21 September 2017


Immediately after my Defence Service’s Staff College course, I was posted in Baramulla Divison as DAQMG. We had a very fine set of officers at grade 1 and 2 level and we gelled perfectly. Our GSO1 (Int) was Lt Col JDS Rawat who later went on to become the first 3 star officer from Intelligence Corps. I had shared lot of cigarettes, not to mention Buddha Baba(Old Monk) with him. The GSO-1 (Ops) was a Sword of Honour winner from Sappers. I served again with Maj Gen Shah in HQ Northern Command in 2017 when he was MG-ic-Adm.

Our AQMG was an outstanding professional from EME. My Staff Captain (Q) was ACA from NDA and belonged to Sikh regiment. Once we complained to our AQMG that why does he did not leave any job for us as he used to do everything himself. He smiled and said “why to bother you when I can handle all this”. And boy, Lt Col Umesh could handle anything.

I had a false sense of pride that I was one hell of a rum drinker. In the first get together of Q branch that we had, Col Umesh let us know who is the boss. The other common thread in the Q branch was all three of us were 6 ft and above. We were very professional and happy team. The best place to have a drink was the jetty in front of Officers’ Mess. It was a divine feeling in moon lit evenings in the jetty where Jhelum flows under you. You can see the glad PK.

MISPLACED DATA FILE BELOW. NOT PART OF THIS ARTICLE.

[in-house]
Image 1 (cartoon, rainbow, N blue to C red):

Major Venkatash popular known as Venky, was our RVC rep in Divisional HQs. He was our Man Friday and was loaded with all the stupid board of officers and court of inquires that Q branch had to undertake. We did not used to pass these to the lower formations. This man without any crib did all these back breaking jobs with a smiling face. We all admired him. No wonder today he is a two star officer posted at RVC directorate in Army HQ.